To use the method of MLE, we first need to specify what is the joint density function for all observations. For an independent and identically distributed sample, this joint density function is: $f(x_1, \ldots, x_n;{\boldsymbol \theta}) = f(x_1;{\boldsymbol \theta}) \times \ldots \times f(x_n;{\boldsymbol \theta}) = \prod_{i=1}^n f(x_i;{\boldsymbol \theta})$

So far, we have been considering the function above where $x_1, \ldots, x_n$ have been the variables and ${\boldsymbol \theta}$ the vector of fixed parameters. If we instead consider the observed value $x_1, \ldots, x_n$ as the fixed parameters and ${\boldsymbol \theta}$ the function’s (vector) variable which is allowed to freely change then the function above turns into the likelihood function $L$: $L({\boldsymbol \theta};x_1, \ldots, x_n) = f(x_1, \ldots, x_n;{\boldsymbol \theta}) = \prod_{i=1}^n f(x_i;{\boldsymbol \theta})$

The aim of MLE is thus to find a value of ${\boldsymbol \theta}$ – i.e. an estimate $\hat{{\boldsymbol \theta}}_{MLE}$ – which maximizes the likelihood function, that is: $\hat{{\boldsymbol \theta}}_{MLE} = \text{argmax}_{{\boldsymbol \theta}\in {\boldsymbol \Theta}} \bigg\{L({\boldsymbol \theta};x_1, \ldots, x_n) \bigg\} = \text{argmax}_{{\boldsymbol \theta}\in {\boldsymbol \Theta}} \bigg\{ \prod_{i=1}^n f(x_i;{\boldsymbol \theta})\bigg\}$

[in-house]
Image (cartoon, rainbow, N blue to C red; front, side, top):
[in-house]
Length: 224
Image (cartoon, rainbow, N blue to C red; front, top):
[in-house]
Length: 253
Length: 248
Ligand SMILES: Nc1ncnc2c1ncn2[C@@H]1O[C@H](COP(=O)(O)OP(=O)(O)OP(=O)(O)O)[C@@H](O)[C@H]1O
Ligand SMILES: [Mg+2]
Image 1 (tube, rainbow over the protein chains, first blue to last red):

In fact, it is mathematically more convenient to work with the (natural) logarithm of the likelihood function, which is called log-likelihood, and maximize that one instead of just the likelihood.
Note that the logarithmic transformation does not affect the final estimate produced because, as long as the maximum of the likelihood function exists, so it does the maximum of the log-likelihood, and an MLE estimate is the same regardless of whether we maximize the likelihood or the log-likelihood function, since the logarithm is a strictly monotonically increasing function.
Therefore, the log-likelihood function can be written as follows: $ln \big(L({\boldsymbol \theta};x_1, \ldots, x_n)\big) = ln \big(\prod_{i=1}^n f(x_i;{\boldsymbol \theta})\big) = \sum_{i=1}^n ln\big(f(x_i;{\boldsymbol \theta})\big)$

Finally, the maximum of the log-likelihood function is computed as follows: $\hat{{\boldsymbol \theta}}_{MLE} = \text{argmax}_{{\boldsymbol \theta}\in {\boldsymbol \Theta}} \bigg\{ ln \big(L({\boldsymbol \theta};x_1, \ldots, x_n)\big) \bigg\} = \text{argmax}_{{\boldsymbol \theta}\in {\boldsymbol \Theta}} \bigg\{ \sum_{i=1}^n ln \big(f(x_i;{\boldsymbol \theta})\big)\bigg\}$

In order to find the parameter vector $\hat{{\boldsymbol \theta}}_{MLE}$ which maximizes the (log-) likelihood function, one typically computes all the partial derivatives with respect to each of the parameters of the vector ${\boldsymbol \theta}$, namely the gradient, and set them all to 0. If, for instance, ${\boldsymbol \theta} = (\theta_1, \ldots, \theta_m)$, then we compute the following: $\frac{\partial}{\partial \theta_1}\bigg\{ \sum_{i=1}^n ln \big(f(x_i;{\boldsymbol \theta})\big)\bigg\} = \frac{\partial}{\partial \theta_1}\bigg\{ \sum_{i=1}^n ln \big(f(x_i;\theta_1, \ldots, \theta_m)\big)\bigg\} =$ $0$ $\frac{\partial}{\partial \theta_2}\bigg\{ \sum_{i=1}^n ln \big(f(x_i;{\boldsymbol \theta})\big)\bigg\} =\frac{\partial}{\partial \theta_2}\bigg\{ \sum_{i=1}^n ln \big(f(x_i;\theta_1, \ldots, \theta_m)\big)\bigg\} =$ $0$ $\frac{\partial}{\partial \theta_m}\bigg\{ \sum_{i=1}^n ln \big(f(x_i;{\boldsymbol \theta})\big)\bigg\} =\frac{\partial}{\partial \theta_m}\bigg\{ \sum_{i=1}^n ln \big(f(x_i;\theta_1, \ldots, \theta_m)\big)\bigg\} =$ $0$